Reverend Al Sharpton has called for an end to the use of stop and search in the UK, accusing the police of disproportionately targeting people from ethnically diverse backgrounds.
The US civil rights activist said he fears unless urgent reform is instituted in UK policing, Britain will see its own version of the George Floyd case.
Mr Floyd was murdered by a police officer in Minneapolis in May 2020 in a killing that sparked widespread protests across the America, and the world.
Speaking on Sky News’ Beth Rigby Interviews, Rev Sharpton asked: “How do you explain the disproportionate amount of citizens that are black, or people of colour, being stopped and searched to whites in this country?
“How do you explain in COVID, when everybody is locked down, people of colour, and blacks in particular, are stopped and dealt with and arrested, more than whites?”
Rev Sharpton, who has been a vocal campaigner in the US for decades, added: “There is a systemic problem, and I think the studies – the data – has shown that. That is why it is critical that we get ahead of it, and deal with it, before you end up with a George Floyd.
“Stop and search, it is inherently set up in a situation, that we found – when they called it in America ‘stop-and-frisk’ – that it was disproportionately done in areas where blacks and browns were. When you have a disproportionate police strategy, you must eliminate that strategy.”
The reverend also highlighted the issue of police brutality in his home country, citing the recent case of Tyre Nichols – a black man who was beaten by five black police officers in the city of Memphis, Tennessee and died three days later.
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“The thing that was troubling to me about the killing of this young man, is that Tyre was beat to death by five black policemen minutes away from where Martin Luther King was killed,” he said.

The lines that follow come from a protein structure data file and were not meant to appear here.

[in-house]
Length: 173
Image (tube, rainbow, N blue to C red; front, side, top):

“Martin Luther King was in Memphis fighting for black city workers. I could argue the case they may not have even been on an elite squad if it hadn’t been for Dr King.
“So, we are fighting systems as well as race, because I don’t believe those black cops would have beat a white kid like that, because they knew the penalty.”
‘The police are not being policed’
However, Sharpton didn’t view the situation in America as without hope, saying he wanted reforms to US policing at a federal level, with the George Floyd Justice in Policing Act.
“I think there is the broader question of police being not policed,” he said. “I think that white and black police have been infested with the same kind of power trips that ‘I don’t have to be held accountable’.
“Which is why the George Floyd Justice in Policing Act makes them accountable. Why does that make them accountable? Because it removes qualified immunity.”
Qualified immunity in the US protects police officers and other officials from civil lawsuits except in very rare circumstances.
“If a policeman knows he can lose his property, his house, his car, for his actions, his family would say, ‘wait a minute, you’ve got to be more careful and follow the letter of the law’. There’s no skin in the game,” Rev Sharpton said.
The reverend believes there is now sufficient pressure on officials in the Senate to pass the act, which failed to pass in 2021.
‘Imagine if Dr King had given up’
Asked if he thought Tyre Nichols’ death could be a catalyst for change in America, he said: “I believe that Tyre’s death can be that. I believe the same with George Floyd, where we did get the executive order. I always have hope, no matter how bad it looks.
“You must remember when the historic March on Washington happened in 1963, when Martin Luther King made his speech ‘I Have A Dream’, two months later, they bombed a church in Birmingham, Alabama – 16th Street Baptist Church – and killed four little girls.
“There’s always going to be a reason to give up. But you have to keep going. Suppose that [Nelson] Mandela had given up – 27 years in jail – but South Africa ended up being a democratic one man, one vote.
“Suppose if Dr King had given up, we never would have had a Barack Obama or Kamala Harris. So every time I get discouraged, I think of people that face greater odds than we have and say if they could hold on, we can hold on.
“Victory is certain. I don’t know the date or the time, but I know we will win, and I won’t stop fighting.”
Asked if lasting change could come in his lifetime, Reverend Al Sharpton responded: “In my lifetime, hopefully. But if not, my children, they’ll say in their lifetime, or my grandchildren in their lifetime, that we won. And my dad or my granddad was part of the victory. They will not say he quit and gave up.”